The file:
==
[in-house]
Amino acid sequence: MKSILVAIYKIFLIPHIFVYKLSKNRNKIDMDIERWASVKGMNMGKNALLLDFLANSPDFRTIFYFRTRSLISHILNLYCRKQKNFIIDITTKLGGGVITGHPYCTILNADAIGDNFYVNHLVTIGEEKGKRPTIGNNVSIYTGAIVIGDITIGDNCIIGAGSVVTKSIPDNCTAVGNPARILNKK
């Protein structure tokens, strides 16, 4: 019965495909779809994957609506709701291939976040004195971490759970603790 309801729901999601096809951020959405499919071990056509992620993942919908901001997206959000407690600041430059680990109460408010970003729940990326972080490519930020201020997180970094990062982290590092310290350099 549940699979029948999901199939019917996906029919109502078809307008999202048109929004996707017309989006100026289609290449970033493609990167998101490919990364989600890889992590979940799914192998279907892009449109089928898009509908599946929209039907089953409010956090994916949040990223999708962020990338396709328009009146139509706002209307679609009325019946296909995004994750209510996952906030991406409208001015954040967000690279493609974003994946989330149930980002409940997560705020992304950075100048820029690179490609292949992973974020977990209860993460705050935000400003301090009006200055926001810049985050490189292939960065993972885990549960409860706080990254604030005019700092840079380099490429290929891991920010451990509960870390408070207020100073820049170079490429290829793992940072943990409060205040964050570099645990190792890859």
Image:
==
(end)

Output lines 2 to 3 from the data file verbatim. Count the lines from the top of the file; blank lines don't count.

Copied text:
Amino acid sequence: MKSILVAIYKIFLIPHIFVYKLSKNRNKIDMDIERWASVKGMNMGKNALLLDFLANSPDFRTIFYFRTRSLISHILNLYCRKQKNFIIDITTKLGGGVITGHPYCTILNADAIGDNFYVNHLVTIGEEKGKRPTIGNNVSIYTGAIVIGDITIGDNCIIGAGSVVTKSIPDNCTAVGNPARILNKK
């Protein structure tokens, strides 16, 4: 019965495909779809994957609506709701291939976040004195971490759970603790 309801729901999601096809951020959405499919071990056509992620993942919908901001997206959000407690600041430059680990109460408010970003729940990326972080490519930020201020997180970094990062982290590092310290350099 549940699979029948999901199939019917996906029919109502078809307008999202048109929004996707017309989006100026289609290449970033493609990167998101490919990364989600890889992590979940799914192998279907892009449109089928898009509908599946929209039907089953409010956090994916949040990223999708962020990338396709328009009146139509706002209307679609009325019946296909995004994750209510996952906030991406409208001015954040967000690279493609974003994946989330149930980002409940997560705020992304950075100048820029690179490609292949992973974020977990209860993460705050935000400003301090009006200055926001810049985050490189292939960065993972885990549960409860706080990254604030005019700092840079380099490429290929891991920010451990509960870390408070207020100073820049170079490429290829793992940072943990409060205040964050570099645990190792890859």